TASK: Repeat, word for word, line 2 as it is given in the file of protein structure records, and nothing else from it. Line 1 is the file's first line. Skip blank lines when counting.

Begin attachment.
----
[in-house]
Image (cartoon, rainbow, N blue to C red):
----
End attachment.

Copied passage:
Image (cartoon, rainbow, N blue to C red):